Week 15: April 30- May 4

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For lab this week we looked at bubbles and how they reflect the same physical properties as real cells. Most of the bubbles I made were asymmetrical but there were a couple that had symmetry!

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Week 14: April 22-26

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Take home exam number 3! Here is one of my responses....


Question #1

Much of the information known today about biology comes from scientists craving a deeper understanding of the world around us and the fundamental workings of living things. Basic research that started with curiosity and aimed at understanding has led to the discovery of DNA structure, the central dogma, genetics, regulatory mechanisms and much, much more. Unfortunately today, many politicians and grant providers believe that the slow rate of successful applications to medical diagnosis and therapy is due to a lack of willingness to focus solely on human health and are trying to narrow the focus of scientific research to "translational research" that can be directly applied to human health. However, basic research is essential to continue growing our fundamental base of knowledge. History shows that our solid scientific foundation is the result of the work done by thousands of basic scientists whose biggest goal was to understand the fundamental workings of living things.
There are many reasons basic scientific research is important. One reason is that it helps identify the universal aspects of life but also helps identify where things are different. When universal aspects are discovered it gives us a basis for developing theories and laws that we can then apply to other various systems. For example fly research has led to the discovery of many tool box genes/ proteins and a deeper understanding of regulatory mechanisms some of which can also be found in other species, including humans. Finding genes and mechanisms that have been conserved throughout evolution can also give us insight to our evolutionary past, help construct phylogeny trees and see how all living things are related. As many historians say "the key to a bright future is understanding the past."
Another reason basic scientific research is important is that it can help us discover, design, and utilize new research methods and tools. Many methods we use today were designed conducting basic scientific research, examples being transformation, vectors, mutational analysis, and more. Studying different animal systems that can be applied to humans is also very important because for some studies it would be unethical to perform the treatments on humans. For developmental studies specifically it is difficult to work with humans because of the long gestation period as well, therefore its logical to study other "model" organisms.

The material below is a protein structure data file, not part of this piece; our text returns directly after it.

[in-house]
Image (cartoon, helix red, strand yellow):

Lastly, basic scientific research may contribute to advances in other fields such as food, fishery, pest control, resource management, conservation, and engineering. Science isn't just about finding medical cures, although that is very important, it is also important to understand how the world works around us. By further developing these fields we can improve the standard of life for many.
Overall, basic research is what has built our founding knowledge. If we would like to continue to grow and learn as a scientific community it is important to continuing doing basic scientific research. By doing basic research we will continue to identify aspects of life that have been conserved through evolution, develop laws and theories that can be applied to various systems, develop new scientific methods, and contribute to advancement in other fields aside from medicine. Rather than trying to investigate very specific aspects of certain diseases and illnesses we should be broadening our scope and trying to understand general mechanisms and then eventually "the cures" will present themselves.

Week 13: April 15-19

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Recently in class we have been studying fly development, for lab we were asked to create a video of a development stage. This has proven to be a difficult and frustrating assignment... either our technology isn't working, or the flies don't do what we want them to! In an attempt to catch fly mating behavior my lab partner and I recorded this video of fly behavior.

http://www.youtube.com/watch?v=VcE0QZwkL0o&feature=youtu.be

Week 12: April 8-12

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Two weeks ago I wrote about the central dogma and how the analogy of computer technology relates. This week, I would like to further that analogy and talk about some of the regulation mechanisms, and also point out some areas where this analogy could be misleading.